Real-Time and Workload Automation: 2013 IT Predictions

Mon, Dec 10, 2012 @ 11:12 AM

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Fluidity is the new mantra in workload automation. Management demands, data sources, SLA requirements, computing infrastructure— everything attached to IT is turning more flexible, more diverse and more nimble in order to satisfy the accelerating pace of business. At the center of it all, job scheduling and workload automation is becoming more important than at any time in the last 30 years.  In the past twelve months we’ve witnessed the continued evolution of business IT into something faster, bigger, and more adaptable than we could have imagined even a few short years ago. Workload automation technology is responding with new solutions that will be increasingly visible in 2013 and beyond. These are the key trends we’ve identified that are re-shaping the segment:  

Workload Automation Trends of 2012

SLA-Driven Workload Management  
BI has matured IT by setting business policies and requiring SLAs for workloads and runbook automation. As a result, more advanced monitoring and alerting is being developed, as well as critical path analysis tied to business priority. This will be essential in order to ensure that resources are provisioned quickly for high-priority jobs and workflows.  

Size, Sources, Complexities of Data are Exploding  
Big Data no longer resides only within the enterprise. The democratization of BI is causing the death of the single data warehousing model; organizations are pulling data from multiple third-party sources to integrate with internal stores. Moreover, we’ve also seen a rise in self-serve data marts that enable BI users to choose the data sets needed for specific tasks.  The need to automate the integration and movement of data between these disparate sources is creating what many are calling “agile BI,” or the ability to update integration processes quickly and efficiently.  

Reducing IT Operation Costs Through Dynamic Provisioning  
Cloud computing is transforming just about every facet of enterprise IT. But perhaps the biggest change is its ability to turn data processing infrastructure into a pay-as-you-go proposition, drawing upon resources of virtually limitless size exactly at the time they’re needed. By allowing workload automation to provision resources on demand, whether internal, virtual or cloud-based, IT organizations can ensure that the capacity curve tracks to the workload demand curve. This has the added benefit of effectively eliminating costs associated with idle assets between workload bursts.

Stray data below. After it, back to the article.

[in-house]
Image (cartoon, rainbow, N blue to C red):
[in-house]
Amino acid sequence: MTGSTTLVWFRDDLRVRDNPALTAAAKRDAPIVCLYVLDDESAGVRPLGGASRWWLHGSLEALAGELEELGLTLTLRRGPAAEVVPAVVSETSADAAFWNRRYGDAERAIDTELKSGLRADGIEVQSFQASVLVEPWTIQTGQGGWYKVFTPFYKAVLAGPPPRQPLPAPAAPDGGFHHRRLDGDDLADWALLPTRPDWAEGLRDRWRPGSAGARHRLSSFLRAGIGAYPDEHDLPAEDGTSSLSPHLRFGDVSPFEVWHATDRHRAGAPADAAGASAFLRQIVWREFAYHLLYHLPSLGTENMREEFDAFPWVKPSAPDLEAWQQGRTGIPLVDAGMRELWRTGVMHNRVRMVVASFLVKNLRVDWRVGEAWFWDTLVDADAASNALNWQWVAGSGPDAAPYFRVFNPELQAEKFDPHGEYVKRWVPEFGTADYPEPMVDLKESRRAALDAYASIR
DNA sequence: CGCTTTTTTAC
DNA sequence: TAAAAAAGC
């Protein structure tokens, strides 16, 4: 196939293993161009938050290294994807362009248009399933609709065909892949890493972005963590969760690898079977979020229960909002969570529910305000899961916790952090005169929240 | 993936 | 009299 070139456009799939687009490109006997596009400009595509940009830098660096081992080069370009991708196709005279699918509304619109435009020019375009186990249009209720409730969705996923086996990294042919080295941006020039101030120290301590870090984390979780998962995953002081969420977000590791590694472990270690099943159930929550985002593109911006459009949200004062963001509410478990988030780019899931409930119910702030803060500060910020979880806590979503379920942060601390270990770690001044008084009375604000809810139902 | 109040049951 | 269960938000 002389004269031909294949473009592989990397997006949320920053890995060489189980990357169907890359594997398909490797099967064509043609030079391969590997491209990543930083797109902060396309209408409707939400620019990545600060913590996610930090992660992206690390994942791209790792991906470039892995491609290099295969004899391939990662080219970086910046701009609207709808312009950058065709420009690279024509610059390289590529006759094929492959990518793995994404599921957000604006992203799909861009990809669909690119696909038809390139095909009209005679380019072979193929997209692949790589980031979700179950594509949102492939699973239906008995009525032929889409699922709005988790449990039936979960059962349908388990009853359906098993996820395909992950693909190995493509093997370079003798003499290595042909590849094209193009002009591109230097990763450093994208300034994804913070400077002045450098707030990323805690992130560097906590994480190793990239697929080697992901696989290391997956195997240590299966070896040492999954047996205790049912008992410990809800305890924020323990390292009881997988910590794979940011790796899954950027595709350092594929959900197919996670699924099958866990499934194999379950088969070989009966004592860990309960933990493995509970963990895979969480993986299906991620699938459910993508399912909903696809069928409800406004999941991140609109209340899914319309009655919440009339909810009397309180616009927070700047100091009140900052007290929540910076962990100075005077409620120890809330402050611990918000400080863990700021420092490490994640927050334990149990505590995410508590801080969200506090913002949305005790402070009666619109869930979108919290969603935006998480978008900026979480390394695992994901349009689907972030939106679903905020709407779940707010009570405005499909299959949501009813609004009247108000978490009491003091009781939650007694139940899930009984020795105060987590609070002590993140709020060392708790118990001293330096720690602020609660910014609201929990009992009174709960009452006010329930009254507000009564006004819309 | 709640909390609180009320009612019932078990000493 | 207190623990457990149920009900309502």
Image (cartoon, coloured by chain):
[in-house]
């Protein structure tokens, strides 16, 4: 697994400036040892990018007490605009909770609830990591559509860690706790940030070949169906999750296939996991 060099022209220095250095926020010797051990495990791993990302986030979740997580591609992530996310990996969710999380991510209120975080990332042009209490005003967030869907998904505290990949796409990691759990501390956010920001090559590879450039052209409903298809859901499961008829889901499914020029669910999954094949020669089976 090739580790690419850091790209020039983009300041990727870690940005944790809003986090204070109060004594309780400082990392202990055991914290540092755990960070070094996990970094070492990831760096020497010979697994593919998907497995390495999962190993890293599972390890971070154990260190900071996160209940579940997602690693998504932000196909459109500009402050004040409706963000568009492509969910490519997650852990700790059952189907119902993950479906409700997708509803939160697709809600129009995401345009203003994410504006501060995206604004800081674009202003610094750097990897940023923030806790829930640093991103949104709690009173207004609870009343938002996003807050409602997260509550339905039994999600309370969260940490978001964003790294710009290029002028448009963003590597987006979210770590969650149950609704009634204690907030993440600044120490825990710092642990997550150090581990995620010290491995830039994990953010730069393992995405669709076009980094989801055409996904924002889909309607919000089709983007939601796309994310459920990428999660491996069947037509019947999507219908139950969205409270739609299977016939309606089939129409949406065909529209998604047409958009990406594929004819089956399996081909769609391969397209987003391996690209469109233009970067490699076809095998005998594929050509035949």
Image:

2013 Workload Automation Trends

Reactive Automation Model Shifts to Predictive
In response to the diverse array of systems and resources both inside and outside the enterprise, workload automation is becoming “intelligent”; that is, it is combining predictive and reactive forms of resource management in order to not only schedule workflows, but also proactively provision, schedule and distribute the necessary internal, virtual and cloud resources on the fly, all based on historical analysis, to ensure SLAs are being met and bottlenecks eliminated. In particular, new “what-if” capabilities are coming that will enable workflow forecasting across different platforms. IT managers will be able to predict when spikes may overload servers or systems upon which workloads are executing, then distribute those workloads across servers prior to the spike. The improvement will help provide better alignment between IT organizations and the businesses they support.

Democratization of BI Driving the Need for Real-Time Data  
Because Business Intelligence is now something used by managers at all levels and in all areas of specialization, there is an increasing need for real-time, or near real-time, data updates to support on-demand decision-making. This is putting huge obligations on workload automation solutions to react quickly by reliably executing the complex workflows needed.

Self-Serve Automation  
Managers outside the IT department—those with BI needs—will soon be able to choose from a workload automation service catalog to initiate processes or workflows themselves. Intelligent workload automation will move to support this trend, enabling the system to self-provision the necessary resources and then execute automatically.

Conclusion  
Not so long ago, many people thought that job scheduling and workload automation solutions were becoming less relevant as mainframe systems gave way to distributed forms of processing. Nothing could be further from the truth. With IT becoming more complex, diverse and real-time than ever before, coordination and efficiency moves to the forefront.   Corporate Web sites, especially transactional eCommerce sites, are just one example of the many mission-critical functions governed by IT. With business processes, applications and computing infrastructures intertwined and interdependent inside and outside the enterprise, small glitches can spiral into major outages. Expect workload automation solutions to become a focal point of IT architecture in order to better manage this fluid new era of 24/7 processing.

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Topics: IT Automation

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